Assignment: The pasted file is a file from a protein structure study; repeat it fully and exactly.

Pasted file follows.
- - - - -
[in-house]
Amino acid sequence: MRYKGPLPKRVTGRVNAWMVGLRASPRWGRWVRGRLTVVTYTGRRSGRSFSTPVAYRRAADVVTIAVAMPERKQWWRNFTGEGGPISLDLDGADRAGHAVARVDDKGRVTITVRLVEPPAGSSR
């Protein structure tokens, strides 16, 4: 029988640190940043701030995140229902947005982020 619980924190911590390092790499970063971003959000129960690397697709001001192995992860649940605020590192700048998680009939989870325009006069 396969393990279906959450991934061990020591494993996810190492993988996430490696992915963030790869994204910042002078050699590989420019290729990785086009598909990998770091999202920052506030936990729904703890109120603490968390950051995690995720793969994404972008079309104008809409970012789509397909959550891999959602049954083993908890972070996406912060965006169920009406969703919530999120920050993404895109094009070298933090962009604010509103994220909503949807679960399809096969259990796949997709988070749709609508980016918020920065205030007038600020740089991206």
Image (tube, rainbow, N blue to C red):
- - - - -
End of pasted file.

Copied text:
[in-house]
Amino acid sequence: MRYKGPLPKRVTGRVNAWMVGLRASPRWGRWVRGRLTVVTYTGRRSGRSFSTPVAYRRAADVVTIAVAMPERKQWWRNFTGEGGPISLDLDGADRAGHAVARVDDKGRVTITVRLVEPPAGSSR
């Protein structure tokens, strides 16, 4: 029988640190940043701030995140229902947005982020 619980924190911590390092790499970063971003959000129960690397697709001001192995992860649940605020590192700048998680009939989870325009006069 396969393990279906959450991934061990020591494993996810190492993988996430490696992915963030790869994204910042002078050699590989420019290729990785086009598909990998770091999202920052506030936990729904703890109120603490968390950051995690995720793969994404972008079309104008809409970012789509397909959550891999959602049954083993908890972070996406912060965006169920009406969703919530999120920050993404895109094009070298933090962009604010509103994220909503949807679960399809096969259990796949997709988070749709609508980016918020920065205030007038600020740089991206």
Image (tube, rainbow, N blue to C red):